Over the past couple weeks, North Carolina has joined the growing list of states in which armed demonstrators have gathered to express their opposition to virus-related restrictions on economic activity and social gatherings, or to more generally express their opposition to any restrictions on their Second Amendment rights. Dressed in patriotic or military-style gear, and armed with a variety of openly displayed handguns, rifles, or even an (inert) AT-4 anti-tank weapon, these groups have processed along city streets and sidewalks or gathered in public locations like a historic cemetery and a downtown restaurant.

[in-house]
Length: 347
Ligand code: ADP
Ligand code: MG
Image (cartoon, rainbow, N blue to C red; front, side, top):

Now, particularly in light of an incident over the weekend where two local attorneys walking with their children felt threatened by a demonstrator wielding a large pipe wrench, a lot of people are asking the same question: are these armed demonstrations legal?
The question seems simple. The answer is more complicated.